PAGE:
Bring a Brick

In an improv exercise last week, I talked for a minute about Lego Masters. It wasn’t long enough! I hadn’t mentioned technic bricks. Nor had I referred to unique-parts-usage? And I was only part way through fumbling an explanation of SNOT when the timer rudely interrupted me.

Studs Not On Top, in case you were wondering.

Whether it is with clay, cake, fabric or tiny doll’s house furnishings, I am a sucker for a creative competition reality show. There’s something so delicious to me in witnessing people who are passionate about their pursuit, sharing the joy of creating, and caring so much about it they could burst into tears… and often do.

One of the things I find fascinating about these television programmes, is how they have evolved. When they first started out, they aimed to increase the drama of craft by making it highly competitive. Rivalry was encouraged. Cameras zoomed in on disgruntled faces hoping there would be a punch up over custard.

Then the vibe changed. Show makers got wise to how watchable the contestants are when they care about each other. Now the lens is more likely to focus on the helping that takes place in an hour of need, to capture the hand holding at judgement time, or to witness the widespread welling up when someone has to inevitably wave goodbye.

Whoever wins the contest, these people who love doing this thing so very much, have found other people who also love doing this thing so very much, and because of that, their lives will never be the same again.

It reminds us that regardless of who in your troupe is the best at object work or who gets the loudest laughs in class or with who the audience most often falls in love, you guys found each other to share in this niche art form and that is pretty special.

But for me, Lego Masters isn’t just any creative reality show. It is true enthusiasts do compete for the top prize by exercising their passion – in this case for building with brightly coloured bricks – but unlike most other shows, it is a masterclass in the sharing of creative responsibility.

In Lego Masters they come as a team and they stay as a team. It’s a team of two so there’s little space to hide. If they don’t get along, they have to find a way to make it work. In the first series of Lego Masters USA, one team got off to a very rocky start. They hadn’t built together before and you could tell. Without that previous time negotiating how to share creation, they didn’t understand one another. They were disconnected. They weren’t hearing one another because they hadn’t yet figured out how. It was a steep learning curve, but after a pep talk from Will Arnett, they started to look for the ways they could celebrate each other’s style, instead of running each other down.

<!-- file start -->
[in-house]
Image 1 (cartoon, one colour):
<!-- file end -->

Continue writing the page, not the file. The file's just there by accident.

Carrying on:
It really had me thinking about how building a connection is so vital to creative collaboration. There’s a reason we rehearse improvisation. The time we put into understanding how each other creates can pay such dividends down the line. We also need the ability to create under pressure. If you work with someone a lot, you come to understand their methods, you see where their soft spots are and where they can wobble. You have time to figure out how to support them.

There’s something very satisfying to me in seeing people rallying a flailing team mate, looking for the ways their partner can shine, and forgiving them when they knock over a spaceship that took four hours to construct. Often Lego Masters contestants have been building together for many years, some since childhood. The dynamics are fascinating, many lovable, but a few have made me wince.

No pair had me squirming more than Bilsy and Kale from Lego Masters Australia. On the first challenge, to build a mega-city block, Kale and Bilsy got criticised for not working as a team by judge Brickman. Unfortunately, Kale did not seem to be able to take the feedback on board. He rarely used the term ‘we’ when talking about builds and challenges. He also dominated the creative choices. It was as if Bilsy’s ideas just didn’t feature on his radar. And as Kale didn’t seem to be able to hear him, time and time again we’d witness Bilsy just give up, resolving to dutifully support whatever misguided idea Kale was set on for that episode.

This reminded me so much of the old improv adage: “Bring a brick, not a cathedral.” If a person is going to bring a completely formed idea and make no space for anyone else’s input, they might as well be creating alone. And there are many ways to do that, that won’t involve devaluing someone else.

Across the many episodes of Lego Masters, it’s intriguing to observe how often building separately scuppers a team’s efforts. It can lead to differences in scale, disconnect with the storytelling, or weakness in the strength of a creation. Sound familiar?

In one challenge, teams had to frantically create a tall tower to withstand a vibrating base: a shake plate. They didn’t have much time so quick decisions were needed regarding how to divide their efforts. Many teams chose to work on building up the tower together. One team built a half each and then assembled the two sections as the timer ticked down.

The tower fell at the weakest point. The join.

How we build a scene together in improv is everything. And it’s hard to argue against the brick by brick method. It can be so obvious when it’s not being implemented effectively. Balance is off. We feel askew. We’re not getting the full picture.

I once did an improvised mockumentary style scene in a class. My scene partner and I sat side by side, talking out to the audience, as if to a camera. The exercise was to reminisce together on a past experience we had shared. Maybe my scene partner was nervous but they only used phrases such as: “That thing happened didn’t it? You tell them..” And “Go on, you explain it better.” And “You say what I did.”